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Alexander Gurwitch and Hermann Muller Photographs

 Collection
Identifier: MS-1645

This collection consists of several photographs of scientists Alexander Gurwitch and Hermann Muller. The photographs of Gurwitch were taken in October 1933, November 1933, and November 1937 and also depict his wife and long-time collaborator Lydia. The photograph of Hermann Muller and his wife, Dorothea, was taken in 1950. Also included is a photograph of laboratory equipment.

Dates

  • 1933 October-1950

Conditions Governing Access

Collections are stored offsite, and a minimum of 2 business days are needed to retrieve these items for use. Researchers interested in consulting any of the collections are advised to contact Special Collections.

Conditions Governing Use

The copyright interests in this collection remain with the creator. For more information, contact the Special Collections Library.

Extent

0.1 Linear Feet

Abstract

This collection consists of several photographs of scientists Alexander Gurwitch and Hermann Muller. The photographs of Gurwitch were taken in October 1933, November 1933, and November 1937 and also depict his wife and long-time collaborator Lydia. The photograph of Hermann Muller and his wife, Dorothea, was taken in 1950. Also included is a photograph of laboratory equipment.

Biographical/Historical Note

Alexander Gavrilovich Gurwitch was born on September 26, 1874 in the Ukraine. He graduated from Munich University in 1897 and then worked in the histology laboratories at the universities of Strasbourgh and Bern, where he met his future wife, Lydia Felicine. He was the first to observe biophotons and developed morphogenetic field theory. Gurwitch was professor of histology and embryology at Moscow University from 1924 to 1929 until a falling out with the Communist Party forced him to give up the position. He moved on to direct a laboratory in Leningrad until 1945 and then became director of the Institute of Experimental Biology in Leningrad until 1948. He then retired and died on July 27, 1954 in Moscow.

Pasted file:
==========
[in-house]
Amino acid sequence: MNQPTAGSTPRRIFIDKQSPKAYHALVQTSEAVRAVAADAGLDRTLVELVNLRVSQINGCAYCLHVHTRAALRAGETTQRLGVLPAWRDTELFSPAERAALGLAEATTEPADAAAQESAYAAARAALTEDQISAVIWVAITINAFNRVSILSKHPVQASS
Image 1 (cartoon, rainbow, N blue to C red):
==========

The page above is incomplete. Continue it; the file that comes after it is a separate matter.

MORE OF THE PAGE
Hermann Joseph Muller was born on December 21, 1890 in New York City. He entered Columbia College at age sixteen and graduated in 1910. He received his Ph.D. in 1914 and accepted a position to teach biology at the William Marsh Rice Institute (now Rice University). He was interested in genetics and discovered the phenomenon of x-ray mutagenesis, for which he received the Nobel Prize in Physiology or Medicine in 1946. He married his first wife, Jessie M. Jacobs, in 1923, and they had one son, David. Muller married his second wife, Dorothea Kantorowicz, in 1939, and they had one daughter, Helen Juliette. He passed away on April 5, 1967.

Arrangement

This collection consists of a single folder.

Repository Details

Part of the Betsey B. Creekmore Special Collections and University Archives, University of Tennessee, Knoxville Repository

Contact:
University of Tennessee, Knoxville
Knoxville TN 37996 USA
865-974-4480